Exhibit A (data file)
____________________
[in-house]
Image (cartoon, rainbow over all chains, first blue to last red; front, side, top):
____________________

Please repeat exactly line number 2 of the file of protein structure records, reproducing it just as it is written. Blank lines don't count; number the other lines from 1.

Image (cartoon, rainbow over all chains, first blue to last red; front, side, top):